How do I know what size I am?
A measuring and distribution service will be available by the uniform provider at both Southwark and Havering campuses. As garments are fitted for work purposes they need to allow for flexibility of movement so it’s best to have the uniform provider measure you up.
Am I able to request a longer tunic?
You can request a longer tunic for religious or medical reasons. To do this, you should advise the uniform supplier at the measuring session. These tunics are 2 inches longer and sleeves finish just above the elbows. Due to infection control, full length sleeves are not permitted.
Can I use a preferred name or a nickname on my name badge?
Name badges are professional and need to include your formal names.
What do I do if I lose or damage my name badge?
You can order a replacement name badge direct with the uniform provider. Badges need to be worn at all times when you are at placement.
Can I order more uniforms?
You are welcome to purchase additional items at Work in Style. You will need to log in using your student ID and then follow the step-by-step instruction. Please note that dresses are not available.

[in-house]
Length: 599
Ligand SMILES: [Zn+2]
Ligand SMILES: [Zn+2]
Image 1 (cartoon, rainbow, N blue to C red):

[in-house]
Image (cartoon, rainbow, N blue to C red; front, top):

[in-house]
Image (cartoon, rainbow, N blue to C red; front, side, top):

Can I try on my uniforms?
You should try on your uniforms the day you receive them so that the staff at the measuring service can help arrange any size exchanges. If you choose not to try on your uniforms and require different sizes at a later date you will need to purchase these through the uniform provider’s online portal at your own cost.
What do I do with my uniform after I complete my studies?
They are yours to keep – you do not need to return the garments.
Most health and social care courses’ practice placements will operate outside normal working hours e.g. evenings, nights, weekends and bank holidays.
Your holiday periods will not follow the normal University timetable because of placements. You’ll receive more details once you start your course.